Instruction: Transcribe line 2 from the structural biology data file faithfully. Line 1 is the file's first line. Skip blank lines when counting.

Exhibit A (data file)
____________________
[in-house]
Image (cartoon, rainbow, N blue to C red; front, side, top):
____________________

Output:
Image (cartoon, rainbow, N blue to C red; front, side, top):